In a statement dated 14 February, Minister Imbert said (referring to himself): “The minister did not refer to a wage increase of 11% at this press conference.”

But he did state in the Senate on 26 January: “I know it is within the range of 10 to 11% salary increase.”

Embed from Getty Images

Again, when politicians tell you run, is best you stand up!

All this rigmarole that Minister Imbert has gone into is really to set the stage for entrenching the austerity programme the IMF has long been advising: privatisation, deregulation, the reduction of the public sector, wage suppression.

This austerity, of course, involves the weakening of the trade unions through the hiving off of the health sector, a de facto wage freeze at 2013 rates, the wholesale introduction of fixed-term contracts over recent decades and the seduction of trade union leaders by the conglomerates and the political parties.

Now that it is convinced that the trade union movement is no longer able to protect, advance and defend the interests of working people in a consistent and militant fashion, the government has turned its attention to the industrial court. This is ironic because the industrial court was set up to curb the gains the working class had made through exercising the power of numbers and the power over production.

To a large extent, 50 years later, it has more or less succeeded in extracting the militant teeth of the trade unions, and the very court which channelled union militancy into bush lawyerism is now on the chopping block. Why?

Photo: The Joint Trade Union Movement protests against Section 34 during the People’s Partnership Government’s administration.

The very weakness of the trade unions at the workplace has shifted the class struggle from the point of production into the industrial court. The court, while not dispensing ‘justice’—a concept which has nothing to do with the law—at least offers some remedy to the grievous exploitation by employers.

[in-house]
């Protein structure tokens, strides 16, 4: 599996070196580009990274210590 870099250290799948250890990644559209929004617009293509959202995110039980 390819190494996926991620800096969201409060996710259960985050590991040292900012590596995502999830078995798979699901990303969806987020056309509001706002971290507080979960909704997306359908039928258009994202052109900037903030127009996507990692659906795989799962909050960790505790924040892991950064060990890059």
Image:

So here we are, in the midst of social and economic collapse, with workers struggling to keep their families whole, having to deal with Mr ‘dey-ent-riot-yet’ threatening to throw more workers on the breadline.

In his own words on 10 February: “… by next month, the retail fuels sector should be fully liberalised, thus removing the requirement for a fuel subsidy…We also expect that the Regulated Industries Commission will adjudicate on appropriate levels of water and electricity rates in 2021 …

“In this context, demands from Trade Unions for wage increases, with associated billions of dollars in back pay, are difficult to understand … if excessive wage increases are granted in the state sector, then employment levels may have to be reduced …”

There you have it from the horse’s mouth: shut up and behave allyuh self. If allyuh try to keep up with cost of living you will end up on the street. Our response should be, like Brother Resistance: the people ent taking dat so! The people ent taking dat!